The Wikipedia reference on February omits quite a bit of information. Simply put, the Roman religious year ended on 23 February (a.d. VII Kal. Mart. in the Roman counting backward and inclusively way...i.e., the 7th [6th in our counting] day before the first of March), with the Feast of Terminalia. (Before the Julian calendar, if they inserted an Intercalary month, February was in fact cut short at 23 days and the extra month then inserted between February and March.) Thus, when the Julian calendar was introduced, the natural place to insert a day was right after that. So in leap years, instead of the 24th day of February being a.d. VI Kal. Mart., the 25th day of February was a.d. VI Kal. Mart. and the 24th day was Bis a.d. VI Kal. Mart. (the second sixth day from the Kalends of March....of course, it precedes the first sixth day before since we are counting backward). Note "second sixth" hence the alternate name for leap year: "bissextile year".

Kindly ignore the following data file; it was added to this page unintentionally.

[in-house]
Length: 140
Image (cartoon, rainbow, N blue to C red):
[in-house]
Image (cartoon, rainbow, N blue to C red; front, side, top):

In the Middle Ages, they kept the Roman numbering of days, so what we now call the 24th of February really was the leap day. Even after modern day-of-month notation came into vogue, the Catholic Church kept feast days that were on 24-28 February in normal years shifted by one day to 25-29 February in leap years, and this was not generally changed until 1970.
Note that saying Terminalia was the last day of the Roman sacred year does not mean that the next day was the first day of the new year. The sacred new year really did start on March 1 (as opposed to the political new year which had been January 1 since the mid-2nd century BC). But the last 5 days of February were the precursor to the new year celebration, and not part of the previous year. That's why intercalary months cut February short by 5 days (and then the entire intercalary month was a run-up to the new year with the festivals that precede the new year being celebrated on its last five days).